Alexandra Hildebrandt is a German artist, author, political activist and human rights activist. She is currently director of the Checkpoint Charlie Museum and the chair of the Arbeitsgemeinschaft 13. August Association. In 1995, she married the museum's other co-founder and former director Rainer Hildebrandt, and they remained married until his death in 2004. She is internationally noted for leading the construction of the Freedom Memorial, which was controversially demolished in 2005. The focus of Alexandra Hildebrandt's work is the preservation and advancement of the Checkpoint Charlie Museum, the rehabilitation of the victims of the GDR-Regime, and the clarification of more destinies of refugees who suffered death at the East-West border. Furthermore, she takes a stand for the worldwide non-violent struggle for human rights, which was a matter very close to her late husbands heart. In 2004 she endowed the international human rights award, the Dr. Rainer Hildebrandt Medal, which is given annually in recognition of extraordinary, non-violent commitment to human rights.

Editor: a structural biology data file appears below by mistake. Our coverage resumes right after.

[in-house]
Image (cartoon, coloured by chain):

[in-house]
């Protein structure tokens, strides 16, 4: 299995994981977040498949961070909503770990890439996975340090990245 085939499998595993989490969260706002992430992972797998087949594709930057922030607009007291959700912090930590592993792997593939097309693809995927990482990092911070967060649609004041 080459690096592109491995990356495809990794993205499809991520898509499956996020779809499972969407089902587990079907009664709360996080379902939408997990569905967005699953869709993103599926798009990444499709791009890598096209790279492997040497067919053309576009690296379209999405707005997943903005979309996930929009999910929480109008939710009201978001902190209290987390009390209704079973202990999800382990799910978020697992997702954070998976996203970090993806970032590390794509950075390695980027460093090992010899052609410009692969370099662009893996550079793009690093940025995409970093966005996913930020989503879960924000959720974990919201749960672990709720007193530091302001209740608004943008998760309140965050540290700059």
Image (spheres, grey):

Nguyễn Văn Đài is a Vietnamese human rights lawyer, democracy activist and blogger. He was arrested in December 16, 2015 by the Vietnamese authorities and charged under Article 88 for “conducting propaganda against the state”. The arrest was condemned by international human rights organisations and elected representatives across the world.